Sports fans could see more and cheaper games, as court and FCC take aim at unpopular blackout rules

It’s one of the most maddening experiences as a sports fan: your favorite team is playing and most of the country can watch the game on TV or on the internet — except for you, because you in a live in a “blackout” zone where the game is off-limits. But now, relief may be on the way thanks to two developments last week that could put an end to the blackouts.

The first comes via the FCC where Republican Commissioner Ajit Pai renewed a push to kill a 1975 rule that allows the leagues to black out games on cable if a local team fails to sell enough tickets. The proposal, first announced in December, appears to be gaining momentum before a vote in the fall, according to a National Journal report.

If the FCC plan passes, which appears likely, it will be a victory for fans but a relatively minor one. The reason is that the FCC rule, for practical purposes, has only affected football fans in a handful of cities where small-market NFL teams — including Buffalo, Cincinnati and San Diego — fail to sell out their games.

The bigger development last week comes by way of a court decision in which a federal judge in New York refused to halt class action claims by fans who say blackout rules imposed by the NHL and Major League Baseball violate antitrust laws.

The blackouts at issue in this case are much broader, and cover not only TV broadcasts of hockey and baseball games, but internet packages too. According to fans who filed the lawsuit, the leagues are engaging in an illegal conspiracy with cable companies and regional sports networks to inflate the prices of out-of-market games, in part through the use of blackouts.

In December, the fans cleared a big procedural hurdle when U.S. District Judge Shira Scheindlin said the case could go to trial. And last week, the fans won a new victory when Scheindlin refused to issue a stay in the decision pending the outcome of a Supreme Court case.

The Supreme Court case, which doesn’t involve the sports leagues, is about when companies can force customers into mandatory arbitration. Comcast(s cmcsa) and the other cable companies involved in the blackout lawsuits say the arbitration rules should apply, but Scheindlin disagreed, saying arbitration rules are not relevant in the case of antitrust issues.She also emphasized that the arbitration rules did not apply to the NHL and MLB in the first place, and said the leagues’ request for a stay was based on “multiple layers of highly optimistic speculation.”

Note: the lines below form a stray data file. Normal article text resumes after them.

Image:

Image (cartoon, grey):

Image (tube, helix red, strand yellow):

What happens next and what it means for fans

Taken together, the rulings are important because they suggests that authorities are growing skeptical of rules that give powerful sports leagues a free pass on ordinary anti-trust rules. More importantly, for fans, the end of blackouts could mean not just more games, but lower prices — the judge reportedly cited an expert who claims game packages could cost 50 percent less if there was true competition in the sports market.

For the leagues, however, a new legal limit on blackouts would be a big blow to their business strategy, which relies on slicing up the TV and digital rights to their games in very selective fashion. Specifically, restrictions on blackouts would make it harder to charge the monopoly premiums for cable packages that live sports can command.

For now, though, it’s soon to say if — or when — the blackouts will come to an end. The popular support to end the FCC blackout rule, both at the agency and among politicians, means that the end of local NFL TV blackouts could occur as soon as this season.

The court case, however, will take longer to unfold and it’s a safe bet the leagues and the cable companies will fight it every step of the way. The Commissioner of Major League Baseball already asked a New York appeals court this week to stop the antitrust case from going to trial.

The bottom line is that long-suffering fans appear on the verge of striking a blow against the much-hated blackouts, but that it will not be until late this year or 2015 until they know they have a victory.